Q2 Music, WQXR’s online station for contemporary music, will devote 24 hours of programming to Elliott Carter starting at 12:01 a.m. Nov. 13. Hosting is violinist and Carter specialist Nadia Sirota. The marathon includes tributes from colleagues, friends, admirers and collaborators throughout the day, the station says.
Carter died this week at age 103.
Catherine Keener, star of A Late Quartet, took some hints from violist Carrie Dennis to look convincing in the movie. Dennis, a former member of the Philadelphia Orchestra, is now the Los Angeles Philharmonic's principal violist.
Interesting LA Times piece by David Ng here.
The grand old man of new music is gone. Elliott Cook Carter died Monday in New York. He was 103.
AP obit here.
A page from his publisher's website gives an idea of what he had been up to lately, including a premiere by Gustavo Dudamel, pianist Daniel Barenboim and the Orchestra of La Scala just days ago.
Hans Werner Henze, the German composer who had a U.S. presence for several decades, died Saturday, the New York Times reports. David Patrick Stearns has more here about the composer and his substantial works performed recently in Philadelphia.
The Philadelphia Chamber Music Society's Monday night concert, Musicians from Marlboro, has been canceled. Hurricane Sandy has in fact led the Kimmel Center to call off all concerts for Monday and Tuesday, which also means no Jeremy Denk recital Tuesday. PCMS will reschedule the latter.
As of the moment, the Philadelphia Orchestra's Thursday open rehearsal and that night's performance are still on.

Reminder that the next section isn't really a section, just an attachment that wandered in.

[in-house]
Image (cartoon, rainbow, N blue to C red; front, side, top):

Ours is a time of severe specialization. Of having access to more information than ever, yet thinking it’s wise to crunch extremely complex ideas or feelings into 140 characters. Of being impatient with third sentences that still aren’t getting to the point.
And so it seems almost intentional that Jacques Barzun waited for this exact moment to die, just to remind us of the virtues of being a cultural polymath. The “distinguished historian, essayist, cultural gadfly and educator who helped establish the modern discipline of cultural history,” as the New York Times put it, died Thursday. He was 104.
Barzun will be remembered for many things, perhaps most sensationally for his hunch that Western civilization was slouching toward self-satisfied ruin. He dug into a panoply of subjects, including race, Romanticism, education, Auden and politics.
The Philadelphia Museum of Art's "Shipwreck! Winslow Homer and The Life Line," with 33 works by the artist, has been extended through Dec. 31, 2012.
Inquirer art critic Edward J. Sozanski has something to say about the show here.
Soprano Angela Meade was called in to perform Sunday afternoon's Verdi Requiem with the Philadelphia Orchestra when Marina Poplavskaya had to withdraw after suffering from severe allergies.
Our friend Peggy Cooke was there, and reports:
Here's...another plus for the new maestro. He knelt to her after the performance (seen that? I haven't) and then, on the second curtain call arranged for her to go on stage by herself. She was stunned, the audience was knocked out. This guy is rare and wonderful and deserves all the praise and press he can get.